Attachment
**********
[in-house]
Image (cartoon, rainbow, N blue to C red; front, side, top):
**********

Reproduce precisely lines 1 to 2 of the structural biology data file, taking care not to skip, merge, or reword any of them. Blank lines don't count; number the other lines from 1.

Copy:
[in-house]
Image (cartoon, rainbow, N blue to C red; front, side, top):